Bevy of residents opposes proposed solar project
WESTMORELAND — The room was packed shoulder to shoulder as people turned out in droves to speak their minds on a proposed solar project in the town of Westmoreland, with many residents opposed. The …
Bevy of residents opposes proposed solar project
WESTMORELAND — The room was packed shoulder to shoulder as people turned out in droves to speak their minds on a proposed solar project in the town of Westmoreland, with many residents opposed.
The Westmoreland Joint Zoning Board of Appeals and Planning Board met at its monthly meeting on Tuesday, April 5, and about 100 people filled the room and the hallway outside to hear what those representing the project had to say and what was on their minds.
Jason Dickey, environmental operations manager for TRC Companies, represented SunEast Skyline Solar, which submitted a special use permit to construct a 20 MW solar electric generating facility around the intersection of Griffin and Valley View roads within the towns of Westmoreland and Kirkland.
Dickey, the project manager, said he’s worked for SunEast for years. “They’re a renewable energy development firm specializing in commercial-grade solar,” he said. “They do a lot of work in New York, but they also do work in Pennsylvania and the Mid-Atlantic area, and they’ve got 2,000 megawatts worth of solar projects coming down the pipeline.”
Dickey gave an overview of the project, starting with the kind of solar panels being used. “We’re proposing polycrystalline solar panels, and I [bring this up] because there’s a lot of different solar panels that have been developed and put on the market for years,” he said. “They’re not created equal, and there are some bad actors, especially with the earlier designs. You won’t have to look far online until you find articles about [components] like cadmium and other pollutants. That’s not these; the polycrystalline are the newer generation of panels.”
According to Dickey, the panels are similar to those used in the residential solar market and are essentially silica glass, bound in aluminum frames with some copper wires woven into the glass for conductivity with no pollutants.
On top of this, the panels would be put on easily removable fittings in the ground, and after removed, the land could be used for farming again.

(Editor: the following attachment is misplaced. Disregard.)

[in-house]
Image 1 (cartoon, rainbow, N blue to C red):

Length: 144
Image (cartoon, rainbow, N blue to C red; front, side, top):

“Right now, this land is predominantly agriculture,” he said. “I’m not anti-ag, but a lot of ag is pesticides and fertilizer and routine use. And on a solar farm, there is no regular use. ...
And when this project is over, you rip those poles out of the ground, and it’s farmland again. Good farmland that you might need to lime the heck out of, but it’s been sitting fallow for 25 years.”
The project also calls for minimal tree clearing and wetland impacts and landscaping for visual screening to keep them out of sight.
As for benefits to the community, Dickey said there would be coordination with the Oneida County Industrial Development Agency board. “On average, projects of this size can generate in [tax revenue] around $100,000 a year,” Dickey said. “And over 25 years, that’s $2.5 million, with a lot of it going to the schools.”
When it was the public’s turn to speak, the first before the board was Vincent Rossi of Rossi & Rossi Attorneys at Law, representing the Fitzgerald family.
“The first and most important point I’d like to make is that we haven’t had a chance to rebut what [SunEast] has to say,” Rossi said. “They just filed their application, and we learned about it a few days ago, and we’ve been putting together materials.”
One of Rossi’s complaints was the stormwater plan submitted by SunEast, which he said was vague. “There’s such a steep gradient [in this area] that when you add impermissible land, it increases the risk of water flowing down the hill.”
But beyond that, Rossi said the most significant impact was the visual impact.
“Your solar laws specifically say that adverse visual impact is something to be concerned about and is one of the factors to be weighed,” he said. “Nobody is disputing the value of solar power, but the question is if this is a suitable place. And I don’t think I’ve seen a less suitable place because of the hill. Everyone who lives at the top of the hill is going to see a sea of [solar panels] that are bouncing the sun into their eyes. ... There is no way to screen it.”
Among other concerns was the upkeep of the chain-link fences around the properties and who would maintain it, along with the shrubbery.
Another resident brought up concerns about a decrease in real estate value, saying he believed installing the solar array could lower his home’s value by around $100,000. “It feels like we’re trading off dollars,” he said.
The Westmoreland Joint Zoning Board of Appeals and Planning Board will meet again on Tuesday, May 3. For more information, visit the town of Westmoreland website at: https://townwestmoreland.digitaltowpath.org:10033/content
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